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Lawyers label Liz Truss ‘absurd’ for resuming arms sales to Saudi Arabia

UK government officials resumed arms sales despite raising concerns of potential Saudi war crimes in Yemen, lawyers for anti-arms campaigners tell High Court
Anti-arms campaigners outside the Royal Courts of Justice as a judicial review into arms sales to Saudi Arabia begins (Supplied)

Lawyers representing anti-arms campaigners told the High Court on Tuesday it was “absurd” that former UK Prime Minister Liz Truss resumed arms sales to Saudi Arabia amid concerns that Riyadh had committed war crimes in Yemen.  

The comments came as a judicial review brought by the Campaign Against Arms Trade (CAAT) and Mwatana for Human Rights, challenging the UK's continued licensing of arms sales to Riyadh despite those concerns, opened in the court.

Ben Jaffey, who represents CAAT, said emails obtained by his legal team showed that civil servants working at the Export Control Joint Unit had raised concerns with the Ministry of Defence over the sale, despite Truss stating that there was no pattern of Saudi war crimes in Yemen.

He added that Truss had made her decision despite the MoD actively tracking at least 528 alleged breaches of International Humanitarian Law in Yemen by the Saudi-led coalition.

“[The emails] are quite revealing and lay bare a logical flaw in how Britain resumed arms sales to Riyadh,” said Jaffey.

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“No attempt was made even to make an assessment of some of the most grave allegations [by Saudi Arabia] as an entire category of attacks [by helicopters] was excluded from the UK government’s analysis.” 

Jaffey also said that the pattern of attacks perpetrated by the Saudi-led coalition showed it was “unwilling to follow their own rules of engagement” in Yemen.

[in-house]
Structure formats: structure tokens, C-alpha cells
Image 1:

According to Oxfam, the UK has licensed at least £7.9bn ($9.6bn) in arms to Saudi Arabia across 547 licences since 2015, including Tornado and Typhoon aircraft and bombs. 

CAAT says the true value of arms sales could be more than £23bn (around $28bn) when additional "open licensees" are taken into account. 

A previous court challenge by CAAT in 2019 forced the UK government to suspend arms sales. But after an internal review, sales resumed in 2021 on the basis that the breaches of humanitarian law were “isolated incidents”. 

The UK government has recently refused to release information in response to FOIs filed by Middle East Eye about arms sales to Saudi Arabia, following the coalition's 2016 bombing of a crowded funeral hall in Sanaa, one of the deadliest of the war.

The Department of International Trade and the Foreign, Commonwealth and Development Office both cited a section of the Freedom of Information Act 2000, which exempts the release of documents when more than 24 hours of staff time - valued at £600 ($742) - would be required to retrieve them.

MEE has filed a new, narrowed FOI request with DIT based on suggestions it provided when rejecting the original request. A response is expected by the end of February.

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